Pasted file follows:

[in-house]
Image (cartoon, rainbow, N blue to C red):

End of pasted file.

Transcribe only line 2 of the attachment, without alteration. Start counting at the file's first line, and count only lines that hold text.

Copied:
Image (cartoon, rainbow, N blue to C red):